Interactive application security testing: Ready for prime time?
With software development and methodologies such as DevOps becoming more popular, companies are increasingly looking for ways to make application security testing part of their development process.
Static software analysis is increasingly integrated into the code check-in process, often in a slimmed-down form, to improve the quality of code and to catch known vulnerability patterns. Dynamic testing is often used as an automated check of web applications. And, increasingly, companies are looking at interactive application security testing (IAST)—using a software agent to add instrumentation to applications and then using test cases to attempt to force failures—to help catch certain types of flaws.
Nir Valtman, the head of application security for business-technology maker NCR, said that IAST makes it possible to bake more security into the software development process. One important aspect of the technology: It only flags vulnerabilities that have an impact on the system, he noted.
One of the biggest pains with security scanning in general is the amount of false positives that you have to deal with, Valtman told TechBeacon.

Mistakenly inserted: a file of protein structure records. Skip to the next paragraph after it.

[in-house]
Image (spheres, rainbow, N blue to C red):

“If you try to integrate security scanning that is part of the continuous integration process, and there are too many false positives, then you are blocking the engineering team.”—Nir Valtman, NCR
Looking ahead, interactive application security testing has two strong advantages that will help agile development teams, experts say. Here is a rundown.
Fewer false positives
By putting an agent on systems to instrument applications and access process memory, IAST deployments only see code defects that lead to actual problems. For that reason, interactive testing tools act as canaries to give a definitive answer on whether a flaw is exploitable.
“IAST is close to zero false positives. None of the vendors is comfortable saying that they have zero false positives, but it's pretty close.”—Nir Valtman, NCR
Fewer false positives is important because developers dislike dealing with bugs in their code. Previous testing technology that scans an application and produces a report of the issues can have a high rate of false positives—software issues that are flagged as defects but that are not exploitable—and that slows down development and can make developers resist security efforts.
"If you get handed a phone book of vulnerabilities and you have to say, 'Thanks, you just made it so I can't release my product,' you are not going to be happy," said Scott Johnson, a director in Hewlett Packard Enterprise's Fortify group.
Better, and more defined, coverage
Companies can convince developers to use a tool that benefits security by selling them on the tool's non-security benefits. The best way to convince a team of engineers to use static analysis, for example, is to tell them it is a tool to find quality issues, said NCR's Valtman.